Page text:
Wednesday, September 3, 2014

Archaeology Prints Its First Object

In early August, Dr. Kit Wesler was finally able to get his Cubify CubeX Duo up-and-running. Not through any fault of his own; several work orders were stacked up to bring electric and networking to his Terrain Modeling Laboratory. Once the CubeX Duo had a firmware update, a test file was uploaded to the printer. The CubeX Duo is only connected to computer to receive firmware updates. Print files (.STL) are moved to the 3D printer via a USB drive. The onboard computer and menu system provides access to printing specific print files. The short video below shows the printer in action.

The Cubify CubeX Duo was purchased along with a 3D scanner as part of a long-term project to generate models of archaeological artifacts. A collection of model archaeological artifacts would be assembled into interpretive collections for distribution to local primary and secondary schools to enhance students knowledge of local history and culture. These model artifacts would represent primarily the Mississippian culture which existed throughout much of the southeast United States from about 800 A.D. to approximately 1600 A.D. (New Georgia Encyclopedia)


So, what was printed? A rook, the test file provided by Cubify (above). The Murray State coaster and dime (on the coaster) provide scale. The print job took about 4 hours. The level of detail is pretty cool; not seen in the image is the spiral staircase running from the floor to roof inside the rook. Many of these 3D printers create very impressive levels of details even as seen from the outside. If one were to examine these objects closer, the interiors of most objects also contain high amounts fine details only visible by close scrutiny.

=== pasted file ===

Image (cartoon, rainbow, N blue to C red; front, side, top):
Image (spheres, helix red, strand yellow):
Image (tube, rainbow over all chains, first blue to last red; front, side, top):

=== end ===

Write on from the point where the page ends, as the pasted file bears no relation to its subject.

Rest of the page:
3D printing and scanning, outrageously expensive a mere 5 years ago, are becoming nearly commonplace. Such vendors as Cubify, Makerbot, and Printrbot provide entry level printers affordable to home enthusiasts. Some models are less than a $1000, putting them within reach of individuals, schools, and small businesses. 3D printing and scanning is rapidly becoming the basis of DIY, entrepreneurial fabrication, and a necessary tool for the Maker movement.

Sunday, August 17, 2014

Kentucky Academy of Technology Education at Murray State Brings NAO to Western Kentucky

Parts of this post are borrowed from the WKMS coverage of KATE's latest technology endeavor, the NAO programmable robot. I include portions of the interview to ensure continued coverage of innovative and STEM-related topics which promote local efforts to integrate emerging technologies in education and entrepreneurship.

Kate Lochte and WKMS sat down with Dr. Robert Lyons, Ginny Kelly, and Dwayne Buchanan to discuss the introduction of emerging technologies within Primary and Secondary Education. The newest technology promoted by KATE (Kentucky Academy of Technology Education) is the NAO robot. NAO is a French-made programmable robot developed specifically for educating young minds - and perhaps older minds, too - in the field of robotics and programming.

The NAO, designed and built by Aldebaran, is programmable using a collection of images to move the robot through a set of behaviors. NAO can also be customized by students by learning C++ and create their own set of custom behaviors.



"This is the second year the NAO robot is utilized in the Kentucky Academy of Technology Education program. A middle school in Bullitt County was the first to conduct a trial run. Students were selected to already had an interest in computer programming to try the software and the robot. They took their learning experience to a nearby elementary school for a demonstration. Because of the interest in robots, students who were not necessarily leaders in the classroom stepped forward and became leaders in the project. Feedback shows that 80% of the kids in the trial had gone on to take another programming class in STEM." (WKMS; http://wkms.org/post/how-murray-state-introducing-kids-emerging-world-robotics; August 15th, 2014)